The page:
csharpRhino — .NET Quick Start

  • Speech-to-Intent Engine
  • Domain Specific NLU
  • Offline NLU
  • Local Voice Recognition
  • Linux
  • macOS
  • Windows
  • .NET
  • C#


  • .NET Core 3.1
  • OpenAL


  • Linux (x86_64)
  • macOS (x86_64)
  • Windows (x86_64)
  • Raspberry Pi

Cloning the Repository

If using SSH, clone the repository with:

git clone [email protected]:Picovoice/rhino.git

If using HTTPS, then type:

git clone https://github.com/Picovoice/rhino.git


Both demos use Microsoft's .NET Core framework.

MicDemo uses OpenAL. On Windows, install using the OpenAL Windows Installer.

On Linux use apt-get

sudo apt-get install libopenal-dev

On macOS use Brew

brew install openal-soft

Once .NET Core and OpenAL have been installed, you can build with the dotnet CLI

dotnet build -c MicDemo.Release
dotnet build -c FileDemo.Release


NOTE: the working directory for all dotnet commands is:


File Demo

The file demo uses Rhino to get an inference result from an audio file. This demo is mainly useful for quantitative performance benchmarking against a corpus of audio data. Note that only the relevant spoken command should be present in the file and no other speech. There also needs to be at least one second of silence at the end of the file.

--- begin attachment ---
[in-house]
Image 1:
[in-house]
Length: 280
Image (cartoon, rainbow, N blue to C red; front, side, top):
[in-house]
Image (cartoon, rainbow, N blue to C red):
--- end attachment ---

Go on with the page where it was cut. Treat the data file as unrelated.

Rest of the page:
dotnet run -c FileDemo.Release -- --input_audio_path ${AUDIO_PATH} --context_path ${CONTEXT_PATH}

Microphone Demo

The microphone demo opens an audio stream from a microphone and performs inference on spoken commands:

dotnet run -c MicDemo.Release -- --context_path ${CONTEXT_PATH}

It is possible that the default audio input device is not the one you wish to use. There are a couple of debugging facilities baked into the demo application to solve this. First, type the following into the console:

dotnet run -c MicDemo.Release -- --show_audio_devices

It provides information about various audio input devices on the box. On a Windows PC, this is the output:

Available input devices:
Device 0: Microphone Array (Realtek(R) Au
Device 1: Microphone Headset USB

You can use the device index to specify which microphone to use for the demo. For instance, if you want to use the Headset microphone in the above example, you can invoke the demo application as below:

dotnet run -c MicDemo.Release -- --context_path ${CONTEXT_PATH} --audio_device_index 1

If the problem persists we suggest storing the recorded audio into a file for inspection. This can be achieved with:

dotnet run -c MicDemo.Release -- --context_path ${CONTEXT_PATH} --audio_device_index 1 --output_path ./test.wav

If after listening to stored file there is no apparent problem detected please open an issue.

Custom Context

You can create custom Rhino context models using Picovoice Console.

Issue with this doc? Please let us know.